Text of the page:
The association of the Elder Tree with death is commemorated in many a weird poem. William Wordsworth (1770-1850) wrote of
"The elder-tree that grew
Beside the well-known charnel-house had then
A dismal look."
While in "The Death-Child" by William Sharp (1837-1895), the poet fathoms a ghost beneath an obvious choiced of tree, the elder. This poem is quoted here in its entirety:
She sits beneath the elder-tree
And sings her song so sweet,
And dreams o'er the burn that darksomely
Runs by her moonwhite feet.

Her hair is dark as starless night,
Her flower-crowned face is pale,
But oh, her eyes are lit with light
Of dread ancestral bale.

She sings an eerie song, so wild
With immemorial dule--
Though young and fair, Death's mortal child
That sits by that dark pool.

And oft she cries an eldritch scream,
When red with human blood
The burn becomes a crimson stream,
A wild, red, surging flood:

Or shrinks, when some swift tide of tears--
The weeping of the world--
Dark eddying 'neath man's phantom-fears
Is o'er the red stream hurled.

For hours beneath the elder-tree
She broods beside the stream;
Her dark eyes filled with mystery,
Her dark soul rapt in dream.

The lapsing flow she heedeth not
Through deepest depths she scans:
Life is the shade that clouds her thought,
As Death 's the eclipse of man's.

Time seems but as a bitter thing
Remembered from of yore:
Yet ah (she thinks) her song she'll sing
When Time's long reign is o'er.

Erstwhiles she bends alow to hear
What the swift water sings,
The torrent running darkly clear
With secrets of all things.

And then she smiles a strange sad smile
And lets her harp lie long;
The death-waves oft may rise the while,
She greets them with no song.

Few ever cross that dreary moor,
Few see that flower-crowned head;
But whoso knows that wild song's lure
Knoweth that he is dead.

Hulda's name also means "Sacred Spirit." This Spirit was the spark of life that infused humanity, i.e., a fragment of Hulda provides us with a Soul, for without her fiery ether all things are inert. Even the hearth-fire tended by a wife, which cooked food & warmed the family, contained Huldas spirit-fire, making her a type of Vesta or Cybele whose sacred fire was tended in Rome by the Vestal Virgins. This Fire is simultaneously the atmosphere we breathe, surrounding us at all times, which permits us to live, so that the Spirit which is our soul is a compound of Air & Fire.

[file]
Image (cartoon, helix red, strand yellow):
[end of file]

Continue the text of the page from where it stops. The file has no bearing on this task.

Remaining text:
By a widespread myth promulgated especially by early Gnostics, the Sun & Moon had once been equal in brightness, but the Moon spun out her spirit into the world in the process of birthing all that lives. In a future age of dissolution, when parity is restored between Sun & Moon, all that lives will be restored to the perfection of the Divine Realm. In the Norse version, this energy which spun out of Hulda left a cosmic trail, which we perceive as the Milky Way, called "Hulda's Road" or "Road of Souls," by which the souls of the dead find their way back to their origin.

Black ElderberryAs Queen of Souls she is easily identified with the Teutonic underworld goddess Hel, whose name means "The Covered One" or "Hidden," alluding both to her Hecate-like sovereignty in the hidden land, & to her spark hidden within each of us, unseen but causing life. It should be recalled that in the oldest level of Norse myth, Hel's realm was not Hell as we today think of it, but a paradise of souls, akin to Valhalla but not restricted to the heroic war-dead. Only much later did Hel's High Hall become a place of judgement, of punishment or reward.

Though Hulda is at base the cause of all that lives, by having first conferred Life she simultaneously brought about the existence of Death. She can at any moment turn from a soft breeze to roiling clouds bright with destructive lightning. By a close pun, Hulda's name meant "Combat" (Hilda), a common name for mortal shieldmaidens & supernatural valkyries. The name Elder is derived from an Anglo-Saxon word Aeld meaning "Fire," for the Elderberry Goddess was fiery when roused, though this "Fire" was the same spark of life called Spirit, a necessary though volatile thing for the perpetuation of this troubled world.